The display is run by a simple character-based driver. The 800x480 screen is broken into 8x8 character tiles, and the pixel values are scanned out on the fly at 60 Hz.
I plan to use this display driver to debug a CPU (that I haven't written yet) by replacing parts of the text ROM with live links to CPU state. This means I can debug before the CPU has any I/O capabilities, showing all of the registers on-screen and maybe even looking into pipeline state.
Before today, mvminer was a single-threaded program. Today, mvminer has a job queue and can load chunks in the background! Gone are the days of waiting several minutes for the (horribly slow) texture generator to run 1,048,576 times before the display comes up.
Mapping tiles into the virtual texture and loading vertices cause a slight pause while they block the GL thread, so I will build rate limiters into their classes. Right now the virtual tile map and shared vertex buffer can only be operated from the GL thread; they should buffer changes and submit them in reasonably-sized batches per frame.
Here are a few screenshots taken as chunks load around the origin:
mvminer has started loading
oh my this texture generator is slow
mvminer continues to load
As always in the first undesigned iteration, this implementation is a complete hack (the asynchronous jobs are all queued up on startup and aren't owned -- quitting before they finish causes a segfault as their working sets are reclaimed by the system).
Once the code is cleaner again I will need to start on a "loading manager" (not sure of the clearest name for it). This system will maintain a prioritized record of nearby chunks and, if they are loaded, their exposed tile counts. It will issue all of the load/save/map-tiles/unmap-tiles requests.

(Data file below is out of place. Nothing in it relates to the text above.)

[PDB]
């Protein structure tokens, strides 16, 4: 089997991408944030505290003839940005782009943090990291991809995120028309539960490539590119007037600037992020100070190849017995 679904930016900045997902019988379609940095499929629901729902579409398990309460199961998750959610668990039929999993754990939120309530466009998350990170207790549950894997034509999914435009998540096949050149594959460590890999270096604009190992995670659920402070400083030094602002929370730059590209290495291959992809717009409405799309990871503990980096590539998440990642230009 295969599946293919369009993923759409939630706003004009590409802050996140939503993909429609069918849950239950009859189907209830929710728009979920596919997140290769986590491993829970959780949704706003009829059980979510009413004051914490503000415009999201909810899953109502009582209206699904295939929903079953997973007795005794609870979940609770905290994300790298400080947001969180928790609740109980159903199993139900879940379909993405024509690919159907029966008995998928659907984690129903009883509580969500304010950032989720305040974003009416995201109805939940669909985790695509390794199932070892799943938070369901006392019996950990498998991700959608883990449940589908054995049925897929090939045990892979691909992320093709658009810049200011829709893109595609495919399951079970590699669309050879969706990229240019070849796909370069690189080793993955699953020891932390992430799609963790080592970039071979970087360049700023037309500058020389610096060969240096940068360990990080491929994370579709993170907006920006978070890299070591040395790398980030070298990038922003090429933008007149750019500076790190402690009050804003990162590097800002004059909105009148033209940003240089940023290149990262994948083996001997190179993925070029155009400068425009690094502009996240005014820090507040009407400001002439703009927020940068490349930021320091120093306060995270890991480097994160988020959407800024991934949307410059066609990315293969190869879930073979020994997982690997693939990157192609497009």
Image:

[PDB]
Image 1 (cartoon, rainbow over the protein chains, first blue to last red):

This image was rendered in a single draw call from a shared VBO/IBO polygon pool. Right now it can hold 1M tiles in a 32MB VBO with a 24MB IBO. The index buffer is extra large since I have to use 32-bit indices, but it ends up being a huge performance win when the polygon pool is only partially full; unused polygons can be made explicitly degenerate by zeroing out the indices.
I may end up switching back to unindexed triangle soup in a 48MB VBO depending on performance. (or 32MB of unindexed quads, but quads are deprecated in newer GL releases) The goal will be to keep the polygon pool and virtual tile map full at all times, prioritizing exposed tiles closest to the player. Of course, none of that logic has been implemented yet, and the indexed-triangle solution is better for a scene like this where the buffers are only 22% full.
I've put in a few evenings working on mvminer's renderer. I have implemented a unique texturing system and I just finished throwing in a complete-hack physics test.
One of my design goals for mvminer is for each block to have a unique, procedurally-generated texture. This will make single material structures more interesting and opens up possibilities for player paintings or other dynamic texture changes.
The first implementation of unique texturing
When I first got it working I wasn't doing actual seeded procedural textures. The screenshot above uses rand() to fill in the index half of a bunch of DXT1 blocks, the color half being selected from a table based on block type. That, of course, is completely nondeterministic and is unrelated to spatial location. With the basics working, I implemented a straightforward Perlin noise function that takes an absolute world location.
The inside of a large box textured with a few octaves of Perlin noise